Extending the Living Wage Vital to Glasgow says Anne McTaggart MSP

The living wage should be more actively promoted says Glasgow MSP Anne McTaggart after figures showed that 90% of Scots think that companies should pay the living wage.

In Glasgow, there are 54,621 people paid less than the living wage, currently set at £7.65 an hour. It would mean an annual raise of £2,600 to a full time minimum wage worker.

Anne McTaggart MSP is a long time campaigner for the living wage and says the time has now come to actively promote the payment of it in the private sector, and has urged the Scottish Government to back a tax rebate for firms who pay it, as well as establish a National Living Wage Strategy.

This week proposals from Scottish Labour to deliver the living wage to workers on public contracts were defeated as the SNP and Conservatives voted to block amendments to the Procurement Reform Bill.

Glasgow MSP Anne McTaggart said “The living wage cannot be something the Scottish Government pay lip service to. They voted with the Tories to block Labour proposals to deliver a pay rise to cleaners, caterers, retail and other staff working on public contracts across Scotland.

The living wage is good for our communities and good for our economy here in Glasgow It is vital that we do more to promote it.

It is time now to step the campaign up a gear. Labour is proposing a £1000 tax rebate to employers who pay the living wage, as well as establishing a National Living Wage Strategy reporting and accountable to Parliament, to further the case for the living wage so that everyone gets a fair day’s pay for a hard day’s work.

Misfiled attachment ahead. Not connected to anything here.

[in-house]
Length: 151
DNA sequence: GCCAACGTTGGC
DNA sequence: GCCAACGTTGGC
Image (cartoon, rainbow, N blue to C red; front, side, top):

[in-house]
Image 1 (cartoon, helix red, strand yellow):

I know from my surgeries, correspondence and from speaking to people on the doorstep in Glasgow what a huge difference the living wage would make to people suffering from rising rents, mounting energy bills and spiralling child care costs.

Research has shown the practical effects. 47% of people would use the living wage boost to pay bills, it is a pay rise which Glaswegians desperately need, as do the 400,000 people across Scotland who are not paid the living wage.

That is why we need to promote it more effectively and aggressively to protect communities and grow the economy here in Glasgow and across Scotland.”

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